First, determine what type of schools are in your area and what style or styles they teach. This is important because not all Martial Arts styles are well suited for individuals with a disability, like Tae Kwon Do for example which is a style based primarily on kicking and the execution of forms, and if you are in a wheelchair, this would of course not be very practical.
The styles we would recommend, if available in your area, are those which share similarities with the Defense-Ability Combat Hapkido system of self defense. For example, styles that are based on joint locking such as Hapkido, Aikido, Jui-Jitsu, etc. are going to be your best choice.
After determining what is available in your area and selecting the school/style that will be the best for you, go to the schools you have selected and talk to the Instructor. Talk to them about your disability and your needs. Find out if they will even accept you as a student, because unfortunately, not all schools are accessible and some Instructors are very reluctant to accept a student(s) with a disability.
Once these issues have been resolved, it's time to discuss the curriculum and ask lots of questions. Find out as much as you can about their style(s) of Martial Arts and why they think it would benefit you. One of the key factors to a successful training program is whether or not your training is practical, easy and fun to learn and of course, the results are effective. Ask the Instructor if they are familiar with the Defense-Ability system of self defense and/or Combat Hapkido. If the response is no, give them the IDSA/ICHF website address and contact information where they can obtain additional information. You should let the Instructor know that you are a member of the IDSA/ICHF and that you have the Defense-Ability video series.
A good Martial Arts school and conscientious Instructor will work with you in every manner possible and in most cases, use the Defense Ability program(s) as core material for your training, as reference material or as a supplement to their curriculum. Based on the Instructors responses you should be able to determine what to do next. It is really going to come down to what the Instructor/School is willing to do, for you!
As an IDSA/ICHF Member we will assist you in every aspect of selecting the best possible school and provide you with support to implement a training curriculum that will be right for you. Please contact us if you have any additional questions.
I'm very interested in the Martial Arts. I want to learn Defense-Ability / Combat Hapkido and I want to eventually obtain my Black Belt, does the IDSA offer a traditional Martial Arts curriculum with a rank recognition and advancement?
The Defense-Ability program was specifically designed to be:
- A "stand-alone" and comprehensive program / Self-Defense System for disabled individuals who just want to learn practical self-defense.
- As a complete program providing "traditional" belt ranking.
If a (disabled) student aspires to earn a Black Belt in the traditional sense (in this case, through the IDSA and ICHF), keep in mind that, disabled or not, in almost all Martial Art styles the basic procedures and protocols for rank advancement are essentially the same, or at least very similar. The basic "procedures and protocols" for students seeking to advance in rank in any Martial Art invariably requires that the student must of course first diligently practice and thoroughly learn the system curriculum (Defense-Ability, Combat Hapkido or otherwise). The student must subsequently demonstrate their skills and efficiency through a formal "testing" session with his/her Instructor, Master or Grandmaster if that were the case.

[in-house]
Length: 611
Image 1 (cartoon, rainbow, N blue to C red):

The same applies for a disabled student. In order to obtain rank, rank advancement or other Certification under the IDSA or the ICHF, the student must of course learn, practice and be efficient and skilled in the execution of the techniques in the Defense-Ability curriculum, Series-I, which essentially follows the ICHF Combat Hapkido curriculum. The Defense-Ability program / Self-Defense system is designed to encompass everything from what is traditionally considered "white-belt" through "Black Belt, 1st Dan".
The Defense-Ability curriculum is flexible insofar as application and modification of techniques to suit individuals with varying disabilities, and the rank testing procedure is equally as flexible. Ranking is based on the (disabled) individuals skill and application of the techniques depending on their particular disability and relative ABILITIES. We fully expect that not everyone is going to be able to execute each and every technique better than or the same way as another student, however, we do expect the student to be efficient and skilled at the execution of those techniques which are within their particular scope of abilities.
The following (disabled) individuals can apply for IDSA Black Belt rank or equivalent rank certification:
- Disabled students who DO NOT hold any traditional rank, yet wish to obtain IDSA Black Belt, 1st Dan rank certification in the Defense-Ability system of Self-Defense
- Disabled students who currently hold a Black Belt 1st Dan or higher rank in another Martial Art style and wish to obtain an equivalent-rank from the IDSA in the Defense-Ability system.The IDSA does not usually offer "color-belt" ranking in the Defense-Ability system of Self-Defense, only Black Belt 1st Dan and higher. However, due to popular demand we have implemented a "color-belt" ranking system - Please consult with IDSA HQ to obatin more information about the general guidelines, procedures, certification and testing requirements for IDSA rank certification or equivalent-rank certification.
As an IDSA/ICHF Member we will assist you in every aspect of obtaining rank and rank advancement. Please contact us if you have any additional questions.